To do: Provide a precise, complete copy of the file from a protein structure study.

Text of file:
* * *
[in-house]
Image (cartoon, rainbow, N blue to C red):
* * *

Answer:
[in-house]
Image (cartoon, rainbow, N blue to C red):